Boat Shed at Capt. Avery Museum is Dedicated in Honor of George Daly
The Captain Avery Museum in Shady Side recently named and signed their boat shed in memory of George Daly. The shed houses the Edna Florence, a West River buy boat on display. The museum is located at 1418 EW Shady Side Road in Shady Side.
Daly’s widow, Mavis Daly, said, “it seems most fitting that near the tenth anniversary of George’s death, a sign in tribute to him has been erected on the boat shed. It would not have been built without him.”
The museum in Shady Side is an historic 1859 waterman’s home on the Chesapeake Bay. It is open Sundays from 1 to 4 p.m. and by appointment. They are currently running a speakers luncheon series on Wednesdays. The museum is a National Historic Landmark. At the museum, local history is collected, preserved and shared. The museum is also the hub of the community with celebrations and community get-togethers taking place throughout the year.In the 1990s, the museum procured $140,000 to rehabilitate the house. George Daly was frugal with the funds and did much of the work himself, with volunteers including Brent Anderson, a museum neighbor. Daly and his helpers managed to save enough of the money to build the boat shed.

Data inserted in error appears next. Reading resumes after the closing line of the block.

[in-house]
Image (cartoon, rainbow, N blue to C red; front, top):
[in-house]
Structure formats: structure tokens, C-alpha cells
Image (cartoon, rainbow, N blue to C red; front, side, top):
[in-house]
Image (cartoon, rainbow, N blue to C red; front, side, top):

Mavis Daly said,
First the platform was constructed, and then the Edna Florence was moved and placed on the floor in the exact spot Daly had selected.
Seeing this huge boat coming down the narrow lane to the Museum, and then lifted high into the air as it was placed on the platform was a never-to-be-forgotten sight.
The walls were erected around the boat, and exhibits were later placed there. A group of volunteers, including Dean Hall, the late Tom Abercrombie, Bobby Bast, June Hall, George Dattore, and Daly refinished the Edna Florence.
The boat was donated by Mayo resident Ruthie Thompson. It is named after her mother.
Visitors to the museum are greeted first by the Edna Florence as they walk through the rain garden to get to the entrance of the Capt. Avery home. There are historical placards in the boat shed that begin to tell the history of Chesapeake Bay watermen and a lifestyle in a bygone era based entirely on the bounty of the Bay.
Mavis Daly said that the sign for the boat shed was created by Ron Ammon, a Shady Side carpenter. Daly said it is engraved, not painted, so it should last for many years as a reminder of the total dedication of George Daly to the restoration of the Museum, the building of the boat shed, the expansion of the Museum to include the Annex, and the improvement of the grounds.